File image: Research has shown how Eskom's coal-fired power stations cause 2 239 deaths per year.

In the early 1990s Bobby Peek, while challenging polluting oil refineries in South Durban, heard of the burning coal mines of Witbank, now Emalahleni.

The environmental justice activist would witness it for himself towards the turn of the century. 

"As Nnimmo Bassey (Nigerian environmental activist) has said, it's hell. I witnessed the red glow of rocks heated by the fires. I saw the shimmer in the air as poison gasses escaped into the air we were breathing. It brought back the memories of the ground flares in the Niger Delta that I visited."

There, he writes, corporates are "too greedy to invest in recapturing the gasses that escape from the oil wells and the flames and shimmer of poisoned gasses is what people have to live with".

It's the same on the Mpumalanga Highveld, writes Peek, the director of groundWork, "an area that is being devastated by mining and the inability of government to hold corporations accountable, despite the evidence of culpability".

Peek's sentiments are contained in a new report that was released on Monday, Coal Kills, Research and Dialogue for a Just Transition.

GroundWork, a non-profit environmental justice service and developmental organisation, says the report is a first-ever compilation of local research "highlighting the damage that coal causes". 

groundWork is a partner of the Life After Coal joint campaign, with Earthlife Africa Johannesburg and the Centre for Environmental Rights (CER).

The Coal Kills report is a consolidation of a number of reports from different organisations. "It's impossible," notes Peek, to "publish all the  research we found on coal impacts in Mpumalanga".

The report was presented to Parliament's energy committee hearing on Tuesday on the draft Integrated Resource Plan (IRP), an electricity plan, which GroundWork believes "appears oblivious" to the immediate urgency of responding to climate change. 

"South Africans can create another energy future based on renewables or we can go tied down to the old energy model," says groundWork. "This is the model of the 'minerals energy complex' that has shaped South Africa's development for over a century. It's based on cheap coal, cheap labour and heavy duty pollution. It is unsustainable economically and is socially and environmentally catastrophic. It is now collapsing. Coal Kills provides the evidence."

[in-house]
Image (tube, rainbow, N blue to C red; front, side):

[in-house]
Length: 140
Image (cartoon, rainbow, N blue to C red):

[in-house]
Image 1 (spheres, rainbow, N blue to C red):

The Highveld, Peek writes, is fertile land, referred to as the bread basket of the country, where 54% of the country's viable agricultural land is situated. It is also one of the main areas from which much of SA's fresh water flows.

"All of this is being destroyed. In the process of this destruction, the people are dying because of air pollution from coal-fired facilities and mines. Despite tomes of evidence, government is failing to act ...

"Unemployment grows as coal mining companies abandon mines and flee with rehabilitation funds and leave behind ruined land, sick workers and poverty. "Mining, the burning of coal, the making of liquid fuel from coal and the smelting of metal, have not brought prosperity to the people of Mpumalanga."

That no action has been taken against coal companies that "destroy people and their land" is no surprise, Peek believes.

"Both the apartheid and the democratic SA government and political elite have been tied by the hip to coal, just as the politicians and the oil companies in in Nigeria are ... It is so often heard that SA needs coal to alleviate poverty and provide energy for the poor ...

"When you walk around black working class neighbourhoods, and informal settlements on the Highveld, you have to ask the question: 'Does coal really respond to this critical challenge that the SA government is facing?' No." 

The compilation of the research summarises nine studies from groundWork, Friends of the Earth SA, CER, Centre for Applied Legal Studies (Cals), UK-based air quality and health expert Dr Mike Holland and Wits University's Society, Work and Development Institute, among others, and provides links to several other coal studies.

The report was motivated by the-then chair of the Portfolio Committee on Environmental Affairs, Jackson Mthembu, an ex-worker in the steel mills of the Highveld, while on a toxic tour "around the burning mines and streams of toxic acid mine drainage with the portfolio committee in August 2015. This was together with Life after Coal campaign and affected community members.